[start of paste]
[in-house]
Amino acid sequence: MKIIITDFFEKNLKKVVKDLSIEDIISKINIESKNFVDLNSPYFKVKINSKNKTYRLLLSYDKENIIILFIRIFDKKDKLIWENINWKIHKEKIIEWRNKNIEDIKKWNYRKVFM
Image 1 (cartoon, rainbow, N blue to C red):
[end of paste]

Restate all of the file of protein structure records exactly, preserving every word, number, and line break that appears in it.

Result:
[in-house]
Amino acid sequence: MKIIITDFFEKNLKKVVKDLSIEDIISKINIESKNFVDLNSPYFKVKINSKNKTYRLLLSYDKENIIILFIRIFDKKDKLIWENINWKIHKEKIIEWRNKNIEDIKKWNYRKVFM
Image 1 (cartoon, rainbow, N blue to C red):